Wireless-N routers and adapters can give your network a speed boost, but the more connections you have in-house, the slower you go. If you need better upload speeds, consider your 4G phone.
In a previous column, I detailed upgrading my home Wi-Fi network, but recently, I've been noticing a few connection problems and some bad lagging while raiding in World of Warcraft. As luck would have it, I ran over my monthly data allowance recently, and, before I got the inevitable email, I used the Ookla speed test to confirm that I'd been dropped to near dial-up speeds. Sadly, this was the case.
The next day, with my broadband quota renewed, I tried the speed test again, expecting the usual 30Mbps of cable — and instead got around 5Mbps, which then began varying from 1Mbps to 5Mbps, so I immediately assumed that my provider hadn't turned my broadband back on. However, in the middle of dialling and waiting for tech support, I decided that I was being a little premature, and instead decided to check my speed on a PC that was wired to the router. Sure enough, this was around 30Mbps. I then tried all the other wireless devices, and found the same fluctuating connection speed.
After resetting the router a number of times with no improvement, I concluded that my wireless router was the problem. Normally, I'd then move to the web setup page for the modem, in case I could somehow affect its behaviour, but instead I thought I'd investigate a new Wireless-N router. After a quick check at my local supplier's website, I found I could pick up a TP-Link TL-WR841N Wireless-N router for AU$29 and some tiny USB Wireless-N adapters for AU$9 each.
Once purchased, I simply plugged in the router, connected it to the cable modem and a PC, and set up the network. The USB adapters were also easily installed, and I ran the speed test to find that I was getting around 33Mbps on the wired PC and around 30Mbps on a wireless device. Across the network, my file copying speeds were improved but only by 10 percent or so, and the adapters showed a connection speed of 150Mbps.
However, my problems weren't completely over, as I started to get dropouts over the network, as well as fluctuating data speed. The AU$9 Wireless-N adapters proved to be the problem, as house walls, distance, and perhaps the size of their internal antenna made them unreliable. Fortunately, the previous adapters I'd purchased for my network were Wireless-N capable, so I plugged them in and found my network speed had increased to 300Mbps, a significant improvement over the 144Mbps I had before upgrading the router. If you are purchasing Wireless-N adapters, it's worth paying a few dollars more for the 300Mbps versions.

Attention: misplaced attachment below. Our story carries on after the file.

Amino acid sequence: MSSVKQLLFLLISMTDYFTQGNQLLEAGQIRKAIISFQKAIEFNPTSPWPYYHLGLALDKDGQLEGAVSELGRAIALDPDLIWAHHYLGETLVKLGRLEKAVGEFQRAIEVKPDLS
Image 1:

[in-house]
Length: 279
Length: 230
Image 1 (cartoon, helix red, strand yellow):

You may have noticed that my internet connection speed is actually above the 25Mbps that the current Australian government is offering the bulk of the population in the future on the National Broadband Network. While it may seem to be a decent speed currently, it doesn't really account for the average family with multiple PCs, laptops, tablets, phones, internet TV, games, consoles, and I'm sure even some refrigerators, all grabbing some bandwidth. We could always try to use these devices less, but with current trends, that doesn't seem likely. Whether we have to pay for fibre connection or not, I think 100Mbps is going to be just a baseline in the coming years.
While a person living alone may be happy with a 25Mbps connection, an average household will be sharing that connection, and once you have multiple people and devices, your actual connection speed may vary from 1Mbps to 25Mbps, depending on how other people are using the network. Your 4G mobile phone can also offer more than 25Mbps, but, like your internal Wi-Fi network, it can vary drastically depending on your reception and the network load. To ensure that every person in the average home can have a reasonable broadband connection, we need a higher baseline speed.
File copying time is important to me as I deal with lots of 20Mb to 40Mb ZIP files that need to be uploaded to web servers, as well as numerous audio and video files. My home network speed is now significantly improved, and my download speed is fine for the most part. However, my home cable only has around a 1Mbps upload. When I was running around trying wireless devices with the speed test, I checked my 4G phone connection to find that I was getting a download speed varying from 8Mbps to 29Mbps download, but, more importantly, 13Mbps to 25Mbps upload. The speeds vary over the day, but the upload speed rarely drops below 13Mbps. Now I do all my server uploads from home using my phone as a wireless hot spot, and it's significantly shortened my time spent watching progress meters.
I'm happy with my new Wireless-N network; it's provided a decent speed increase on my home network, fixed those annoying problems, and was surprisingly cheap. Wireless-N is backwardly compatible with Wireless-B and WirelessG, so you don't have to replace all of your existing adapters, but I wouldn't recommend low-cost 150Mbps adapters even at AU$9 each, unless you have a small apartment.
The 300Mbps Wireless-N adapters provide better speed and, in my case, reliability. My belated discovery of my 4G phone's upload speed has changed my work habits and saved me a lot of time. If, like me, you have a restricted upload speed on your broadband connection, you might consider your 4G phone if you need to upload large files. Assuming, of course, that your phone plan and wallet/purse can support it.
It's also worth testing your internet connection speed occasionally to see whether you are getting what you paid for.